Krishna Janmashtami / Jayanthi
Lord Krishna, the eight incarnation of Lord Vishnu was born on this auspicious day.
Janmashtami is one of the most popular Hindu festivals which is celebrated with much gaiety not only in India but abroad as well. The weeks leading up to the day are packed with festivities, from Eid, Rakhi, Independence Day to Navroz often falling close to each other. The Janm in Janmashtami refers to majestic birth of Lord Krishna, who upon growing up, played an instrumental role in the epic battle of Mahabharata.
Significance of Janmashtami
The monsoon in India is tied with myriad festivals. Lord Krishna was born at midnight on the eighth day (Ashtami) of the Krishna Paksha (dark fortnight) in the month of Shravana. Each year, the festival is celebrated with much fervour and enthusiasm to welcome their beloved ‘Nanhe Gopal’ to this world.
If legends are to be believed, on one such rainy night, little Krishna was born to parents Devaki and Vasudev in a Karaghar or prison. Devaki was the sister of cruel king Kans. On the day of Devaki’s marriage with Vasudev, the sky echoed with a prophecy. According to the prophecy, the eight son of Devaki and Vasudev was to be the reason of Kansa’s death. Upon hearing this, Kansa threw both Devaki and Vasudev in a prison and one by one killed all of their six children. On the night of Krishna’s birth, a divine voice guided Vasudev to take little Krishna to his friend Nand’s house in Vrindavan. For the sake of his child’s life, he braved all storms and carried Krishna on top of his head to Vrindavan; and safely kept Krishna next to Yashoda and Nand. Vasudev returned with their girl child born on the same day to present her to King Kansa in the hope that he wouldn’t harm her since the prophecy said that their eight son would be the cause of Kansa’s death. However, Kansa was unwilling to show mercy, he threw the little girl against a rock. Instead of getting harmed she rose to the air taking the form of Goddess Durga and warning him about his death.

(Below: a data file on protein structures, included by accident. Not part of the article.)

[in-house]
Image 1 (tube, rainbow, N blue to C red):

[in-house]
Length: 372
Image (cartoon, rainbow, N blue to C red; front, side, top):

Krishna was raised by Yashoda, who loved and pampered him as his own son. Upon growing up, Krishna fulfilled the prophecy and relieved Mathura of all his cruelties.
To celebrate the birth of Krishna, many people install little idols of baby Krishna in their house. They bathe Krishna with honey, milk and water and dress him up in new poshaks(clothes). Some people also observe a ritual fast on the day of Janmashtami and break their fast at midnight.
Food and Prasad To Prepare For Janmashtami
Janmashtami has a fond association with food as Lord Krishna loved good food. There are many different kinds of Prasads that are prepared. Several different types of fruits and sweetmeats are offered to the God.
Since little Krishna was so fond of butter,a special type of Prasad Makkan malai or Makhan Mishri is also prepared on this special day by churning home-made white butter with some sugar. White butter, or ‘safed makhan’, is known to be little Krishna’s favourite.
On the pious occasion of Janmashtami, a special bhog of makhan mishri (sweetened white butter) is offered to the deity. To make this prasad, all you need is unsalted milk cream and some mishri daana. Mishri adds a sweet taste to the prasad. The prasad is said to be complete when a holy basil leaf is added to it.